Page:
As we stated in Chambers v. Florida, 309 U.S. 227 (1940), the requirement of Due Process always has protected "the weak, or . . . helpless political, religious, or racial minorities and those who differed" by ensuring that
no man's life, liberty or property be forfeited as criminal punishment for violation of [the] law until there ha[s] been a charge fairly made [p179] and fairly tried in a public tribunal free of prejudice, passion, excitement, and tyrannical power.
Id. at 236-237. We have made clear, in particular, that, when a state court admits evidence that is
so unduly prejudicial that it renders the trial fundamentally unfair, the Due Process Clause of the Fourteenth Amendment provides a mechanism for relief.
Payne v. Tennessee, 501 U.S. at 825; see Darden v. Wainwright, 477 U.S. 168, 179-183 (1986).
Our decision in Schware v. Board of Bar Examiners of N.M., 353 U.S. 232 (1957), which the Court incorrectly cites, illustrates the point. In Schware, the New Mexico Supreme Court denied an applicant admission to the bar on grounds that he lacked good moral character. Evidence showed that the applicant had belonged to the Communist Party 15 years earlier. The Court erroneously states that Schware held that admitting proof of the applicant's membership in the Communist Party violated the First Amendment. Ante at 168. Schware, in fact, did not decide that admitting the Communist Party evidence abridged any right of free political association. See 353 U.S. at 243, n. 13. It held, instead, that the state court erred in admitting the Communist Party evidence, because it had no relevance to the applicant's moral character after so many years. See id. at 246. Due process, the Court concluded, prohibited the state court to find the applicant morally unfit to practice law without any relevant evidence. See id. at 247.
Applying familiar evidentiary standards in Dawson's case, the trial judge recognized that the "real issue" in admitting the gang membership evidence was whether its "probative value is outweighed by the danger of unfair prejudice." App. 52. The Delaware Supreme Court, likewise, examined the record to determine whether the gang membership evidence "improperly appeal[ed] to the juror's passions and prejudices concerning race, religion, or political affiliation." 581 A.2d 1078, 1103 (1990). The standards employed by these courts went further than the fundamental unfairness [p180] standard stated in Payne, and therefore satisfied the requirements of Due Process. Dawson has presented no convincing argument, based on the record as a whole, that the courts misapplied these standards to the facts of his case. For these reasons, I would affirm.
1. Indeed, in the case of an organization claiming to be part of the Aryan Brotherhood, the jury very well may not have needed even the explanation that the stipulation provided. Courts regularly have noticed that the Aryan Brotherhood is "a singularly vicious prison gang," United States v. Fountain, 840 F.2d 509, 516 (CA7 1988) (Easterbrook, J.) (citing other cases), that it has a "hostility to black inmates," United States v. Silverstein, 732 F.2d 1338, 1341 (CA7 1984) (Posner, J.) (citing secondary sources), and that it originated "during the prison racial violence of the 1960's," United States v. Mills, 704 F.2d 1553, 1555 (CA11 1983). The Aryan Brotherhood gangs also have received substantial attention in both popular and scholarly writings. See, e.g., Matthee, Stronger Prison Gang Influence Cited, L.A. Times, July 10, 1987, Part 1, p. 34, col. 1 (describing members of the Aryan Brotherhood as "among the most violent prisoners"); Goodgame, Mayhem in the Cellblocks, Time, Aug. 12, 1985, p. 20 (describing the Aryan Brotherhood's "inflexible ethic of vengeance"); J. Fox, Organizational and Racial Conflict in Maximum-Security Prisons 136 (1982) (identifying the Aryan Brotherhood as an "extremist" organization like the Ku Klux Klan); United States Dept. of Justice, Prison Gangs: Their Extent, Nature and Impact on Prisons 65-190 (1985) (discussing the activities of the Aryan Brotherhood in the prisons of fourteen States). Even if the jury were unaware of the Aryan Brotherhood in particular, it was surely aware of the nature of prison gangs generally.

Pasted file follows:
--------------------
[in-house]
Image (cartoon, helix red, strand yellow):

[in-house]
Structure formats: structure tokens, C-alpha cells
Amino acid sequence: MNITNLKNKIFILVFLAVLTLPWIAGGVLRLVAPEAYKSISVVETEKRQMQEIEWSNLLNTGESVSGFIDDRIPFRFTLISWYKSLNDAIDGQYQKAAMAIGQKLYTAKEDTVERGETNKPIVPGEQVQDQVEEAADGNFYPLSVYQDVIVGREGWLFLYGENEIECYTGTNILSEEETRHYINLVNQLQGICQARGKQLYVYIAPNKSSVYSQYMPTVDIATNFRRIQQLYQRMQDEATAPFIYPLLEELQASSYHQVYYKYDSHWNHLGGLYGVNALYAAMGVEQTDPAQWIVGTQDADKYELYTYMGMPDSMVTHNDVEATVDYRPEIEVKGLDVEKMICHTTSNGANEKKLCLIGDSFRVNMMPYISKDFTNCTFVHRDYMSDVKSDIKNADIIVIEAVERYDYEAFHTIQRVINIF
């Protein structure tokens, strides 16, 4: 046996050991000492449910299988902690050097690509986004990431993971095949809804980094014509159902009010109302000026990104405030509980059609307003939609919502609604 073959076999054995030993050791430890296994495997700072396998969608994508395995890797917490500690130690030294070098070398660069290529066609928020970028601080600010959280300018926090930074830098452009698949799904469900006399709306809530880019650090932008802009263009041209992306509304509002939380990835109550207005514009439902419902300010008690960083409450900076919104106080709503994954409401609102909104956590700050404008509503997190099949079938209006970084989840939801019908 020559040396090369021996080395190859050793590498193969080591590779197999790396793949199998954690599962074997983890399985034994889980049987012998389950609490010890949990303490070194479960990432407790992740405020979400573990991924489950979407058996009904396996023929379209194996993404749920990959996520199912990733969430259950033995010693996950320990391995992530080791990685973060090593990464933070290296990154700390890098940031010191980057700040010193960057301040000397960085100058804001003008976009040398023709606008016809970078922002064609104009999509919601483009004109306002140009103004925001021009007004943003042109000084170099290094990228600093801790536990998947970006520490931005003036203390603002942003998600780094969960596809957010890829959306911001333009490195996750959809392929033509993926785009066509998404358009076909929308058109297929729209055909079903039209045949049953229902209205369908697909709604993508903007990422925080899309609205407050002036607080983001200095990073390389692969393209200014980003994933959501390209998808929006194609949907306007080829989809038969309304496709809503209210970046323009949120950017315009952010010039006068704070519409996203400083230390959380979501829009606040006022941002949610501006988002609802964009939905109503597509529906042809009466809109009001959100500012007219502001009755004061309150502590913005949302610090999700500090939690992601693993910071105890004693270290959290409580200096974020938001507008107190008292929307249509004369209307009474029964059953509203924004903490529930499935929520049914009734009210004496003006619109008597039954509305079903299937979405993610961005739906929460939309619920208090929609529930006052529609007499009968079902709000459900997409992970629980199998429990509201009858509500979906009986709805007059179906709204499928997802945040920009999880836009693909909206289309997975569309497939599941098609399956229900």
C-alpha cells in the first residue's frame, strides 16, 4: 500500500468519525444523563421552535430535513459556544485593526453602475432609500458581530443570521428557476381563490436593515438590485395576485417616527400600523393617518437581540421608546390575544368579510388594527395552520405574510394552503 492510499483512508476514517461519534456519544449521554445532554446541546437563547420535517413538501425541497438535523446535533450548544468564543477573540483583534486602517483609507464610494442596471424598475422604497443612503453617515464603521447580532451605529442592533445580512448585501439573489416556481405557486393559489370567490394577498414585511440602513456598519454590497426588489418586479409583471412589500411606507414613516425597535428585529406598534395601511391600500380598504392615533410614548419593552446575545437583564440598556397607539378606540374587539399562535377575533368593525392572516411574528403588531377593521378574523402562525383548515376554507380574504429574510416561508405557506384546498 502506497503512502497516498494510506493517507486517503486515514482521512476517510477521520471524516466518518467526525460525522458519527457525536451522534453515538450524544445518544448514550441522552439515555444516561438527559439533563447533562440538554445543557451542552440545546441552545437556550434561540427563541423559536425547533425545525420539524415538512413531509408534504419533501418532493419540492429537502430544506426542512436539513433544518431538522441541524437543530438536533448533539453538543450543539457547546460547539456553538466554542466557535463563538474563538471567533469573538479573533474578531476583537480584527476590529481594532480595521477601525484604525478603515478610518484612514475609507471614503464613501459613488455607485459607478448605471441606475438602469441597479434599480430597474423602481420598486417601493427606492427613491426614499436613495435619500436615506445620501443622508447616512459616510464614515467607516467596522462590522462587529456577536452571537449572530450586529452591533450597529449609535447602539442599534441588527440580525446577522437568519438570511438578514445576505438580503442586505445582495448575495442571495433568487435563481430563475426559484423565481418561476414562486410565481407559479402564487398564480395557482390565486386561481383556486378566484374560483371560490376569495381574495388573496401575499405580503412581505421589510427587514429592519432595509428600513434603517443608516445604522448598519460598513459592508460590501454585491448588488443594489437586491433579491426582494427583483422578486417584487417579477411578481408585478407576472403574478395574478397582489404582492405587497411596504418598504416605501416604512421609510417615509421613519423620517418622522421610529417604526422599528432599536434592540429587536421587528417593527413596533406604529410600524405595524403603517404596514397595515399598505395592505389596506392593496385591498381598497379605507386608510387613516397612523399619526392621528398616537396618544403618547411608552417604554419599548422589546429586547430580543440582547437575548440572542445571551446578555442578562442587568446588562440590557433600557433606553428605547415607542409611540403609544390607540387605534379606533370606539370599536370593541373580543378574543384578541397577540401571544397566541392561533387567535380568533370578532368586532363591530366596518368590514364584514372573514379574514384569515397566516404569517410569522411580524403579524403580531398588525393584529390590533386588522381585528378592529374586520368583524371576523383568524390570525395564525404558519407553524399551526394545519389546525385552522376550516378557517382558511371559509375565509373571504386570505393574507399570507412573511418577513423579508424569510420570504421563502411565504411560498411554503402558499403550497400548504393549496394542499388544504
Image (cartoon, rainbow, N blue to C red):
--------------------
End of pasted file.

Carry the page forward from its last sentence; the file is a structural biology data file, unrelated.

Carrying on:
2. In federal court, Federal Rule of Criminal Procedure 32(c)(2)(A) permits the presentence report following a criminal conviction to contain "information about the history and characteristics of the defendant . . . that may be helpful in imposing sentence." The Advisory Committee note to the original version of this rule refers to a report that we endorsed in Williams v. New York, 337 U.S. 241, 250, n. 15 (1949): Administrative Office of the United States Courts, The Presentence Investigation Report, Pub. No. 101 (1943). This report explains:
Centuries of human experience have given testimony to the dynamic qualities of religion. Religion may be a significant, decisive factor in enabling an individual to overcome his difficulties.